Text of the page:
With an estimated 6.4 billion internet-connected devices currently in use, 2016 has certainly been the year of the internet of things. This movement has brought increased functionality, data and insights to everything we do, not only providing us more information about our day-to-day lives, but also improving and streamlining processes in industrial and commercial spaces.
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But with this increase in IoT-connected devices comes an increased risk of cyberattacks. As many of these devices have never been connected to the internet before, it’s easy to forget that they are vulnerable to hacking. It’s also easy to forget that with this volume and diversity of devices connecting to IoT comes a myriad of applications needed to support them. As a result, development teams are under more pressure than ever to deliver applications as quickly as possible.
To meet this demand, development teams have begun shifting from the traditional “core IT” practices — which had time built in for testing and patching vulnerabilities in code — to practices that allow developers to constantly release and rerelease applications as they are developed and updated — leaving no time to test or monitor for potential flaws in security. To combat this, organizations must make security an organization-wide commitment, implementing tools and training employees on the best ways to protect themselves and their devices.
Implement a runtime application self-protection (RASP) program
For years, application protection has been handled by developers who, in addition to writing code, were responsible for testing, monitoring for and patching any vulnerabilities that they found. But as developers take more on their plates and hackers become more advanced, a deeper, more involved level of protection — that also eases the workloads of development teams — is necessary. Application-level security tools provide just that. Embedded within an application and running constantly, these tools monitor for, recognize and block attacks in real-time, ensuring an application’s safety with little to no intervention from development teams.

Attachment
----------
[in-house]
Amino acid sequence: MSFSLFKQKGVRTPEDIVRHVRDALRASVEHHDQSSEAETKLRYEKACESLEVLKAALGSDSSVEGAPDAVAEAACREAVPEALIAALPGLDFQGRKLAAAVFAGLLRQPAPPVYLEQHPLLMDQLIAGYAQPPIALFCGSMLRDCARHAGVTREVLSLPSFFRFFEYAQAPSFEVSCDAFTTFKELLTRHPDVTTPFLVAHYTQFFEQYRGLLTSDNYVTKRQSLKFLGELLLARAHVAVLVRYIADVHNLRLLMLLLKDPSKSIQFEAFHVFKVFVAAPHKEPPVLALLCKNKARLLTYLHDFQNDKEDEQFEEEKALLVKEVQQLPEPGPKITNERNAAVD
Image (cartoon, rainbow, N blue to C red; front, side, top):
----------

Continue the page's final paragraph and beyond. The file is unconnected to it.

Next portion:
Be mindful of when new applications are connecting to a network and what their capabilities are
With new products being added to IoT every day, it can be easy for an organization to lose track of all of the devices connected to servers and networks. However, it is important to remember that every connection — from building management systems and office equipment that tracks activity within your space to employees’ personal and professional devices — has the potential to be an entryway for hackers. And in the case of IoT-connected devices, not only does this put potentially sensitive information at risk, but it can also have real-world effects if hackers are able to gain access to the right device. To combat this, organizations need to actively be aware of and monitor all connected devices and train employees on the dangers of hacks. Making security an organization-wide initiative will benefit both the business and its employees.
Understand when it is and isn’t necessary for a product to be connected to IoT
As with any exciting technological movement, it’s easy to get caught up in the latest and greatest. While there are many IoT-connected devices that add value in a workplace, such as intelligent systems that can monitor and adjust temperature and light levels depending on occupancy, or keycard-operated locks that help to keep non-employees from entering a workspace, there are many products that simply do not. When determining whether or not to purchase an IoT-connected device, organizations must weigh the risk to the business if the device is compromised against the benefit of having internet access. Being selective in this process will not only help to reduce risk, but also protect the organization from a potentially unnecessary and costly investment.
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